We live in a divided world where far too many people live in abject poverty. To help these people get out of poverty is good for the world as a whole, for great disparities in wealth will lead to violence and terrorism and no one can live in peace and harmony. None of the Millennium Development Goals (MDGs) can be achieved if we fail to address the problem of poverty and ensure livelihood security for the majority of the poor.
A vast majority of the poor live in the rural areas of developing countries and are dependent on agriculture or fishing for a living. They need information directly relevant to their livelihoods. Agriculture-related information is often one of the most immediate needs, since small-scale agriculture is very important to household incomes in rural areas. Information on current crop prices, fertiliser and pesticide costs, and the availability of improved seeds and low-cost improvements in farm technology can help farmers buy farm inputs and equipment of good quality at the right price, or help them successfully obtain credit. Information on government entitlements and training programmes, opportunities for developing new products, and markets for environmental goods is also useful. Without such information, poor families find it hard to take advantage of new opportunities for generating income and increasing their assets.
Many asset-less poor migrate to cities far and near and are constantly on the lookout for opportunities to work in construction sites, ports, factories and wherever they can be employed. They are often exploited and work in conditions far from satisfactory. They will be happy to have information on where work is available and wages are good.
This report looks at a few examples of how access to information helps improve the lives of people and how new technologies are being used in getting information to those who need it.
About twelve years ago scientists at the M S Swaminathan Research Foundation (MSSRF) started working with fishing communities in coastal villages of southern India. The major thrust of the project, funded by the International Development Research Centre (IDRC), was to look at how emerging information and communications technologies (ICTs) could be used to make a difference to these people’s lives. But the project managers took a holistic perspective and put people and their needs before technology: they went beyond merely providing online access to information through their internet-enabled Village Knowledge Centres (VKCs). They were concerned about fisherpeople losing their catches, nets, boats and even their lives on days when the sea turned rough. Lives could be saved if only one could have advance knowledge of weather conditions. After some investigation, the MSSRF researchers found that United States (US) Navy satellites were collecting weather and wave height information for the Bay of Bengal, and the Navy website released forecasts based on these data twice daily. The VKC volunteers started downloading this information and made it available to the fisherpeople in their local language through notice boards and a public address system. Ever since this service commenced not a single death in mid-sea has been reported from these villages.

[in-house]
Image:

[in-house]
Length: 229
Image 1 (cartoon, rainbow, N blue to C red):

Suddenly, the US Navy stopped providing this information and something needed to be done. MSSRF joined hands with Qualcomm, Tata Teleservices and Astute Systems Technology, and these companies came up with an innovative mobile application called Fisher Friend based on third-generation code division multiple access (3G CDMA) technology. With Fisher Friend, the VKCs provide fisherpeople with real-time information on things like fish prices in different markets, weather, wave heights, satellite scan data on the location of fish shoals, and news flashes while they are at mid-sea. Access to these, as well as other information such as relevant government schemes, has improved market transparency and the earnings of smaller fisherpeople. Qualcomm is working on incorporating global positioning system (GPS) capability in the phones, so their exact location can be tracked. This would make rescue operations much easier.
Timely access to relevant information can not only improve the standards of living of a community, but also save lives.
Much of the evidence of the benefits of access to information and the use of technology to facilitate access so far has been anecdotal. In a recent paper in the Quarterly Journal of Economics Robert Jensen of Harvard University has quantified the benefits. He showed that the adoption of mobile phones by fisherpeople and wholesalers in Kerala in southern India had led to a dramatic reduction in price dispersion (the mean coefficient of variation of price across markets over a stretch of 150 kilometres came down from 60%-70% to less than 15%); the complete elimination of waste (from 5%-8% to virtually nil); and near perfect adherence to the Law of One Price. In addition, fisherpeople’s profits increased by 8%, while consumer prices declined by 4% (directly driving a 20 rupee/person/month consumer surplus, the equivalent of a 2% increase in per capita GDP from this one market alone). Sardine consumption increased by 6%. The advent of mobile phones also led to a 6% increase in school enrolment and a 5% increase in the probability of using healthcare when sick. All this with no government programmes, and no new funding requirements.
Several other initiatives involve mobile technology. Nokia recently launched Life Tools in India, a fee-based service, with a view to impacting on the daily lives of people, especially farmers. Life Tools offers timely online access to information that will be of great relevance to farmers, students and the lay public. Nokia has partnered with the Maharashtra State Agricultural Marketing Board (to gather commodity prices from 291 markets), Reuters Market Light, Syngenta and Skymet, among others. It has plans to introduce Life Tools to other developing countries before the end of the year.